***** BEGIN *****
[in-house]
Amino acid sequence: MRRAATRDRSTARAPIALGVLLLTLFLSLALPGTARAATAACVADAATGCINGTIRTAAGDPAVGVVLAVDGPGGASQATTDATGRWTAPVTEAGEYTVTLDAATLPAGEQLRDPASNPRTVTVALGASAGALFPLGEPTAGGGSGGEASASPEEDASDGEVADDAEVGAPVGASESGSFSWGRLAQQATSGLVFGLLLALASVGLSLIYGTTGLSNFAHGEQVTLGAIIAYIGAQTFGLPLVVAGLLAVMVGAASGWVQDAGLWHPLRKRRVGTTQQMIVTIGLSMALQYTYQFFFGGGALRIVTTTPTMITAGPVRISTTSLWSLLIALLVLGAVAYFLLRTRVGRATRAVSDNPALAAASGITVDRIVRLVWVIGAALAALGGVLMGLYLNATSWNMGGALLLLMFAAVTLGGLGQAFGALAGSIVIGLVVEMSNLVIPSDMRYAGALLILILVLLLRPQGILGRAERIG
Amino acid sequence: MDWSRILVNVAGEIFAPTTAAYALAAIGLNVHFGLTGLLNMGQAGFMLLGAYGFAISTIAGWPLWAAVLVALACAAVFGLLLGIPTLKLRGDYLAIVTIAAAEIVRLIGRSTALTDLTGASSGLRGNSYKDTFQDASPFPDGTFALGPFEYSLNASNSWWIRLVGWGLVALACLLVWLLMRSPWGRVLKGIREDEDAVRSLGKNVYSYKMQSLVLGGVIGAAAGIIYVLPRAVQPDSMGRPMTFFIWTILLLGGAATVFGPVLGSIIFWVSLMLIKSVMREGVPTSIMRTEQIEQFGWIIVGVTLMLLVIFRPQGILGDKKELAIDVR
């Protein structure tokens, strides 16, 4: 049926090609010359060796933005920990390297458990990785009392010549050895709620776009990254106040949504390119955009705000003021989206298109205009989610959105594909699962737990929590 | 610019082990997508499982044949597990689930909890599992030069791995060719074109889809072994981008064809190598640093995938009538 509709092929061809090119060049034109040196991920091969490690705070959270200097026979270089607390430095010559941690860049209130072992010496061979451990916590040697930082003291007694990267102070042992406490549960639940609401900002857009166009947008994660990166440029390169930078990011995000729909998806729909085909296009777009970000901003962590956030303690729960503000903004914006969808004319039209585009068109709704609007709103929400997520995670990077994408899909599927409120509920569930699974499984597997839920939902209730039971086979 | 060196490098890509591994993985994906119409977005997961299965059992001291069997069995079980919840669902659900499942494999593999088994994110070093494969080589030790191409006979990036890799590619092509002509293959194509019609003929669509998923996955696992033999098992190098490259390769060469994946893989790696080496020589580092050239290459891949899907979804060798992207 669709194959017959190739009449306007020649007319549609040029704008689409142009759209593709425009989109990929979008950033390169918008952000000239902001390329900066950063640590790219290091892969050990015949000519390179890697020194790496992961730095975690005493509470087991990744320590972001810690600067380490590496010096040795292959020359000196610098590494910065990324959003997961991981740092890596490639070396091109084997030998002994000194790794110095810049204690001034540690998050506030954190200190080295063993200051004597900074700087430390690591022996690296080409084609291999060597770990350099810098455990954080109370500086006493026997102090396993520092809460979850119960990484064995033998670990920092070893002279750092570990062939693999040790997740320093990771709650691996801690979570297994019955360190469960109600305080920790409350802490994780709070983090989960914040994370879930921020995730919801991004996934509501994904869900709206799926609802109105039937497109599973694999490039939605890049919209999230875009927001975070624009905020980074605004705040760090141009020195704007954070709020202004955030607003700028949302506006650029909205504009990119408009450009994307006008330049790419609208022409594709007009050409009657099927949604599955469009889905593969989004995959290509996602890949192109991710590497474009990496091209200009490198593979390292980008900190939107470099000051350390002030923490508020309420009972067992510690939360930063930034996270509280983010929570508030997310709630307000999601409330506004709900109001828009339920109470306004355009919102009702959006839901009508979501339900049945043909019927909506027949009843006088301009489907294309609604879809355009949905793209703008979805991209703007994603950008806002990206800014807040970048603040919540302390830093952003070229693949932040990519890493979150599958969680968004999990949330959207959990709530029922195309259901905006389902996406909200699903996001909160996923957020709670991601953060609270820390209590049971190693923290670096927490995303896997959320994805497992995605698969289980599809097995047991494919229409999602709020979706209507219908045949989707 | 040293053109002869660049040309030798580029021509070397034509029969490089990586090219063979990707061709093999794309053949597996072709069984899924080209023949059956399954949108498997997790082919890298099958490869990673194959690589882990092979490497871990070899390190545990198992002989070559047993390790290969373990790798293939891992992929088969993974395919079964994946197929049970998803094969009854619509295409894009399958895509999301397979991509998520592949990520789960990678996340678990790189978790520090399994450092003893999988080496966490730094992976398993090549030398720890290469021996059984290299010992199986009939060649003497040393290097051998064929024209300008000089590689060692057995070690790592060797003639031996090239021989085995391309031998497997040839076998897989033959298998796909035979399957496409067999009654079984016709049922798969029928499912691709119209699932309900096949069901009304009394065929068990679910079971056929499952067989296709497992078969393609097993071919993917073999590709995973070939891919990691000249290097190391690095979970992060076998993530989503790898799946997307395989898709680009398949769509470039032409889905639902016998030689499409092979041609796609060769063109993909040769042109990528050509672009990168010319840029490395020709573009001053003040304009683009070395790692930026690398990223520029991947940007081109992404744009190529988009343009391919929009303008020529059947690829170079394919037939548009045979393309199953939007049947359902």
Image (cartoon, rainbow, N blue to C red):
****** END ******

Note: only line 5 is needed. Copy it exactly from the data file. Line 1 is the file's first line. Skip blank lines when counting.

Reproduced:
Image (cartoon, rainbow, N blue to C red):